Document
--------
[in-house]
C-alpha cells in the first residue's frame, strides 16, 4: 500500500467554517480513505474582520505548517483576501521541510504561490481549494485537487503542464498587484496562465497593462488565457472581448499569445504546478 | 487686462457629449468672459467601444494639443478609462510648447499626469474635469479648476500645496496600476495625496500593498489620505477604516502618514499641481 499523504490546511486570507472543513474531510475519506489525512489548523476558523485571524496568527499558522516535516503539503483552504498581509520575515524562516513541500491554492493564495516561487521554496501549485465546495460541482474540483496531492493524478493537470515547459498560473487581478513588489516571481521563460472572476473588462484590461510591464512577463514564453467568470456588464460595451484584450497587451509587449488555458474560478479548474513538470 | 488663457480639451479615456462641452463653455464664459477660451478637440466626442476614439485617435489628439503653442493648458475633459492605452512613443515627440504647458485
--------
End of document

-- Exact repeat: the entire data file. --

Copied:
[in-house]
C-alpha cells in the first residue's frame, strides 16, 4: 500500500467554517480513505474582520505548517483576501521541510504561490481549494485537487503542464498587484496562465497593462488565457472581448499569445504546478 | 487686462457629449468672459467601444494639443478609462510648447499626469474635469479648476500645496496600476495625496500593498489620505477604516502618514499641481 499523504490546511486570507472543513474531510475519506489525512489548523476558523485571524496568527499558522516535516503539503483552504498581509520575515524562516513541500491554492493564495516561487521554496501549485465546495460541482474540483496531492493524478493537470515547459498560473487581478513588489516571481521563460472572476473588462484590461510591464512577463514564453467568470456588464460595451484584450497587451509587449488555458474560478479548474513538470 | 488663457480639451479615456462641452463653455464664459477660451478637440466626442476614439485617435489628439503653442493648458475633459492605452512613443515627440504647458485